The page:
Asia-Pacific Nazarene Theological Seminary

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Asia-Pacific Nazarene Theological Seminary
Asia-Pacific Nazarene Theological Seminary logo.png
Motto Bridging Cultures for Christ
Type Seminary
Established November 1983
Location Kaytikling, Taytay, Rizal, Philippines
Campus Suburban
Hymn "In Christ There is No East or West" [1](Words: William Dunkerley (1908); Music: Alexander R. Reinagle[2](1836))
Colors Maroon and white

Asia-Pacific Nazarene Theological Seminary (APNTS) is a graduate-level theological institution located near Metro Manila in the Philippines. APNTS is a seminary in the Wesleyan theological tradition and affiliated with the Church of the Nazarene through its Division of World Mission. Its mission is to prepare "men and women for Christ-like leadership and excellence in ministries." Its institutional vision is: "Bridging cultures for Christ, APNTS equips each new generation of leaders to disseminate the gospel of Jesus Christ throughout Asia, the Pacific, and the world.

Accreditation and validation[edit]

Asia-Pacific Nazarene Theological Seminary is accredited by the Asia Theological Association (ATA) until 2011, [3] the Philippine Association of Bible and Theological Schools (PABATS),[4] and the Association for Theological Education in South East Asia (ATESEA).[5] APNTS (04005 PS) is recognized by the Commission on Higher Education (CHEd), Republic of the Philippines to offer the following degrees: Master of Science in Theology (048.1988), Master of Arts in Religious Education (048.1988), Master of Divinity (048.1988), Bachelor of Theology (048.1988) and Master of Arts in Christian Communication (030.1997).[6] The Commission of Immigration and Deportation, Ministry of Justice, Republic of the Philippines, has approved APNTS as an educational institution for non-immigrant students.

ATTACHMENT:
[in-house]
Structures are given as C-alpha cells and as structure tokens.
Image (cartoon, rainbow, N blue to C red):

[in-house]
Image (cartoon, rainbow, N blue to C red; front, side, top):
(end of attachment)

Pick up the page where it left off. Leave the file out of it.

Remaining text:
Since 1984 APNTS has been a partner in the Asia Graduate School of Theology (AGST), Philippines, which offers Master of Theology (Th. M.), Doctor of Ministry (D.Min.), Doctor of Education (Ed. D.), Doctor of Missiology (D.Miss.), and Doctor of Philosophy (Ph.D.) programs.[7] APNTS is a member of the Philippine Association of Graduate Education. APNTS is a member of the International Association of Methodist-related Schools, Colleges, and Universities (IAMSCU).[8]

APNTS also participates with other institutions of the Church of the Nazarene through the International Board of Education (IBOE) in a validation program for preparation for ordination in the Church of the Nazarene.[9][10][11]